A perfect and somewhat overused analogy to sum up Everton’s sophomore season under Roberto Martinez is ‘the difficult second album.’ How can you top what was accomplished the first time round when the opposition know what to expect? Fans who may have been expecting a season similar to Nirvana’s fantastic ‘Nevermind’ were instead given Coldplay’s more tepid ‘A Rush of Blood to the Head.’
You don’t have to be Gary Neville to analyze the change in fortunes between the last two Everton campaigns. From the lofty heights of fifth place at the end of the 13/14 season, the last venture has resulted in a disheartening 11th. A devastating -24 swing in terms of goal difference and winning an astonishing nine fewer games.
The obvious answer to pose for this dip in form is also an overused one…
Everton playing in the Europa League.
Tell that to Tottenham Hotspur who not only played the exact number of games in their European adventure but improved upon their domestic position 12 months prior. Sevilla last week retained the Europa League crown and yet still managed to finish 5th in La Liga. The hot theory amongst pundits concerning teams not wanting to participate in a European run resulting in inconsistent form is irritating and insulting to those who don’t reside in the top four year in year out.
Back to the Toffees – whose season’s only highlight ironically WAS their relatively strong European run which was eventually cut short at the last-16 stage with an ridiculously poor outing away to Dynamo Kiev. Despite Everton missing out on the quarter finals and beyond, the tournaments top scorer was a blue. Lukaku’s eight goals were enough to secure the crown which is proof of our dominance in the group stages which made the eventual exit all the more painful.
Winding our way back to Summer 2014 and things were in very good shape and the Blue half of Liverpool was enjoying the rare sight of a manager doing his deals early. In came the familiar faces of Lukaku and Gareth Barry who had already proved themselves on loan. One for the future, Muhamed Bešić was signed after his impressive showings at the World Cup with Bosnia and Herzegovina.
However by the end of the first month, it was clear where the problems lay. Defence. Everton equalled the worst defensive start over three games letting in 10 goals. Martinez began losing patience in Sylvain Distin, which ultimately led to him being frozen out the team. The English backbone of Baines and Jagielka weren’t firing on all cylinders and the fresh faced John Stones was showing raw talent albeit with occasional lapses in decision making under pressure. The defensive errors dropped slightly as the season progressed but the damage was done and this is where strength needs to be added for the upcoming 15/16 season.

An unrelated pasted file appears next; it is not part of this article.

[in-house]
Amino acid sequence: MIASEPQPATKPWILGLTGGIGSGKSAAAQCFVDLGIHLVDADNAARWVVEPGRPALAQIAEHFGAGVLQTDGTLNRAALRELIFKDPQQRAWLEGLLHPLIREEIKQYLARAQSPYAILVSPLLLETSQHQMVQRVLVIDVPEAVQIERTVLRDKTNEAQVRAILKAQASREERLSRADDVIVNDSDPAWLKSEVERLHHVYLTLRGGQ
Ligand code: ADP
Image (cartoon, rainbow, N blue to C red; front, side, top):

Further up the field, things were much brighter. The aforementioned Lukaku finally unpacked his bags at a cost of £28 million and he was shortly followed by Samuel Eto’o on a free transfer. Fans had a reason to believe and with an energetic Mirallas and a resilient Steven Naismith, goals weren’t far away. Even Jagielka managed six in all competitions including a season defining equaliser against Liverpool in the Merseyside derby.
Meanwhile, the sensible and exciting passing style from Martinez’s first season turned into simply sensible. At times, Goodison Park was unusually vocally critical of this methodology especially as it failed to turn into Premier League points. The Goodison faithful witnessed 7 home runs over the course of the season compared to 13 the year prior and they made it clear vocally that they had noticed.
What was especially frustrating is that the squad could be considered one of the best in recent years however there were some underachievers including a certain future England captain. As well as Aiden McGeady, Ross Barkley never reached his potential at any point during the campaign. The pundits started making their feelings known and fans began to have a go when Ross made runs at the defence and lost possession.
In the latter half of the season, Everton found a certain level of form but the continued success in Europe always played on their minds. Understandably, finishing 11th isn’t all that attractive to the squad’s star talent and there isn’t a day that seems to go by without the words “sources suggest” followed by either Lukaku, Mirallas or James McCarthy’s name.
Graffiti had also begun cropping up on the side of Goodison asking for the sacking of Martinez but those grumbles are in the minority and I, like many others, believe that this season was a blip, a pretty big blip but one none the less.